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Stage 2 of Thomson-East Coast Line almost complete, to open in later part of 2020

SINGAPORE — With just two weeks before the first three MRT stations on Thomson-East Coast Line open, the authorities said that the next phase is already 90 per cent complete.

The interior of Springleaf MRT Station. It is one of the stations along the Thomson-East Coast Line and is scheduled to open in the later part of 2020.

The interior of Springleaf MRT Station. It is one of the stations along the Thomson-East Coast Line and is scheduled to open in the later part of 2020.

Singapore

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SINGAPORE — With just two weeks before the first three MRT stations on Thomson-East Coast Line open, the authorities said that the next phase is already 90 per cent complete.

The Land Transport Authority (LTA) announced on Friday (Jan 17) that the second stage will be ready for opening in “the later part” of the year.

This will see another six stations operating: Springleaf, Lentor, Mayflower, Bright Hill, Upper Thomson and Caldecott, which will serve residents at Kebun Baru in Ang Mo Kio town, Sin Ming and Upper Thomson.

On Jan 31, three stations will open, namely Woodlands North, Woodlands and Woodlands South.

When fully operational in 2024 after opening in five phases, the Thomson-East Coast Line will consist of 32 new stations.

It is set to serve about 500,000 commuters in its initial years of completion. 

THE STATIONS AND THE PLACES THEY CONNECT 

The stations opening this year in the two phases will benefit about 100,000 households, reducing travelling times of residents.

For example, Sin Ming residents travelling to Republic Polytechnic in Woodlands will have their journey time halved, from 50 to 25 minutes, by taking the line from Bright Hill station to Woodlands North station.

Here is a quick look at the six new stations to be opened in the second phase:

  • Springleaf station, located along Upper Thomson Road, between Thong Soon Green and Springleaf Road, will bring commuters closer to the stretch of shophouses which are known for the eating places located there such as Springleaf Prata and Ampang Yong Tau Foo.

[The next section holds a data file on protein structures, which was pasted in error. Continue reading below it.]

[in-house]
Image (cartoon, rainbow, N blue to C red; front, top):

• Lentor station, located near the intersection of Yio Chu Kang Road and Ang Mo Kio Ave 4, will serve residents of Lentor estate and other residences in the area, as well as the future teacher’s estate.

  • Mayflower station, located in the mature Ang Mo Kio and Kebun Baru estate, will serve residents in the area and students from CHIJ St Nicholas Girls School, Mayflower Secondary School and Ang Mo Kio Primary School. The station is the closest to being completed among the six in the second phase.

  • Upper Thomson station will bring commuters closer to dining establishments along Upper Thomson Road and to Thomson Plaza.

  • Bright Hill station located along Sin Ming Avenue will serve residents as well as students at Ai Tong Primary School. It will be an interchange station when it is linked with the future Cross Island Line.

  • Caldecott station will be the other interchange station in phase two, linking to the existing Circle Line. This will offer greater connectivity to the Singapore Association of the Visually Handicapped, Lighthouse School and Mount Alvernia Hospital. 

CHALLENGES IN CONSTRUCTION

Builders faced several challenges in constructing the line, including having to build around dense residential areas, as well as having to preserve facilities above ground. 

For Caldecott station, the builders had to use a method known as mining to ensure that some establishments located directly above the station, such as the Singapore Action Group of Elders and St Joseph's Institution International, would not be affected. 

Instead of excavating the entire area above and around the station, the builders would mine underneath the establishments.

This is the first time that mine tunnelling is done in mixed soil conditions, where the inconsistent soil compositions are unpredictable and makes the task more difficult. It is normally done on hard rock such as granite.

For Lentor station, the builders used a “top-down” method of construction, where the entire station was built by excavating one level at a time via an underground shaft, which minimised soil movements so that residential estates in the vicinity were not affected. 

Typically, a station would be built by digging up the entire area needed for the station, before constructing it from the ground up. 

This is not the first time the top-down method has been used. Telok Ayer and Chinatown stations on the Downtown Line were also constructed in the same way. 

Related topics

Thomson-East Coast Line mrt LTA transport upper thomson Sin Ming

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